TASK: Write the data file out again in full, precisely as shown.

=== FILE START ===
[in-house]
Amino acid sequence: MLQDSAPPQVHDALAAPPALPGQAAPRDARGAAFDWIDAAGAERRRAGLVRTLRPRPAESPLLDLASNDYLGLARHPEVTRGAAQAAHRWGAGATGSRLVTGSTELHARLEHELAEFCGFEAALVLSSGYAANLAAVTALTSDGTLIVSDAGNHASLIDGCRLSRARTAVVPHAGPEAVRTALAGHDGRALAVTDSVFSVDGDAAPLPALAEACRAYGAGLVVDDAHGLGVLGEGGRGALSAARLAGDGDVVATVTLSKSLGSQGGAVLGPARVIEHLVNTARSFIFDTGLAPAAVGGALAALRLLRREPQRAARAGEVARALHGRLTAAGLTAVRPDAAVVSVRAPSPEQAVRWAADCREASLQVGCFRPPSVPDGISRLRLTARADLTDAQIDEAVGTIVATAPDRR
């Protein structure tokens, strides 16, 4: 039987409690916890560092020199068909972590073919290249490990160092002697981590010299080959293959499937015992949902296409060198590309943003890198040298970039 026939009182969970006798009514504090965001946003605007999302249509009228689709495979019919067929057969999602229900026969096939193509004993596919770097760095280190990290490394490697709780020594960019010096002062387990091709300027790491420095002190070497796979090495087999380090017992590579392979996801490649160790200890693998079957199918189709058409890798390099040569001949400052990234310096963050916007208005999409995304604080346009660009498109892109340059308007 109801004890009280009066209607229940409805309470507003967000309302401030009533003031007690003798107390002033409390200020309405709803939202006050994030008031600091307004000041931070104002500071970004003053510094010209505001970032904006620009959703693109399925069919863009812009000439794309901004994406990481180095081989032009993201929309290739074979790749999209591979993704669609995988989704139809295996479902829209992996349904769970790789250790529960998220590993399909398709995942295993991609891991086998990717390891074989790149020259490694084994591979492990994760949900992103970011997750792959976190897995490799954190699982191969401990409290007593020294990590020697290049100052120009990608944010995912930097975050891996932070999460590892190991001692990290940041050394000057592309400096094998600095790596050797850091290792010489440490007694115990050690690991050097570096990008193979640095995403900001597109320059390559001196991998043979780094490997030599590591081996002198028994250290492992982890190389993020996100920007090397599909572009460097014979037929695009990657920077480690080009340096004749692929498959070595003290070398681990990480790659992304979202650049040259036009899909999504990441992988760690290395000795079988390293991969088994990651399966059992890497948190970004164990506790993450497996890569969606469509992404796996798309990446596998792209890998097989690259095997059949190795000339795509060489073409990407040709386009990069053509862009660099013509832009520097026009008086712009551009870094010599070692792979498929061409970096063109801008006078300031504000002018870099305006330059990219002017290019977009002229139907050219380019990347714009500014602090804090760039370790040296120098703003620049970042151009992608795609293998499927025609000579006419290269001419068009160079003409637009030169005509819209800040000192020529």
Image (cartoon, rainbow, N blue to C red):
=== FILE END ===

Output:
[in-house]
Amino acid sequence: MLQDSAPPQVHDALAAPPALPGQAAPRDARGAAFDWIDAAGAERRRAGLVRTLRPRPAESPLLDLASNDYLGLARHPEVTRGAAQAAHRWGAGATGSRLVTGSTELHARLEHELAEFCGFEAALVLSSGYAANLAAVTALTSDGTLIVSDAGNHASLIDGCRLSRARTAVVPHAGPEAVRTALAGHDGRALAVTDSVFSVDGDAAPLPALAEACRAYGAGLVVDDAHGLGVLGEGGRGALSAARLAGDGDVVATVTLSKSLGSQGGAVLGPARVIEHLVNTARSFIFDTGLAPAAVGGALAALRLLRREPQRAARAGEVARALHGRLTAAGLTAVRPDAAVVSVRAPSPEQAVRWAADCREASLQVGCFRPPSVPDGISRLRLTARADLTDAQIDEAVGTIVATAPDRR
């Protein structure tokens, strides 16, 4: 039987409690916890560092020199068909972590073919290249490990160092002697981590010299080959293959499937015992949902296409060198590309943003890198040298970039 026939009182969970006798009514504090965001946003605007999302249509009228689709495979019919067929057969999602229900026969096939193509004993596919770097760095280190990290490394490697709780020594960019010096002062387990091709300027790491420095002190070497796979090495087999380090017992590579392979996801490649160790200890693998079957199918189709058409890798390099040569001949400052990234310096963050916007208005999409995304604080346009660009498109892109340059308007 109801004890009280009066209607229940409805309470507003967000309302401030009533003031007690003798107390002033409390200020309405709803939202006050994030008031600091307004000041931070104002500071970004003053510094010209505001970032904006620009959703693109399925069919863009812009000439794309901004994406990481180095081989032009993201929309290739074979790749999209591979993704669609995988989704139809295996479902829209992996349904769970790789250790529960998220590993399909398709995942295993991609891991086998990717390891074989790149020259490694084994591979492990994760949900992103970011997750792959976190897995490799954190699982191969401990409290007593020294990590020697290049100052120009990608944010995912930097975050891996932070999460590892190991001692990290940041050394000057592309400096094998600095790596050797850091290792010489440490007694115990050690690991050097570096990008193979640095995403900001597109320059390559001196991998043979780094490997030599590591081996002198028994250290492992982890190389993020996100920007090397599909572009460097014979037929695009990657920077480690080009340096004749692929498959070595003290070398681990990480790659992304979202650049040259036009899909999504990441992988760690290395000795079988390293991969088994990651399966059992890497948190970004164990506790993450497996890569969606469509992404796996798309990446596998792209890998097989690259095997059949190795000339795509060489073409990407040709386009990069053509862009660099013509832009520097026009008086712009551009870094010599070692792979498929061409970096063109801008006078300031504000002018870099305006330059990219002017290019977009002229139907050219380019990347714009500014602090804090760039370790040296120098703003620049970042151009992608795609293998499927025609000579006419290269001419068009160079003409637009030169005509819209800040000192020529």
Image (cartoon, rainbow, N blue to C red):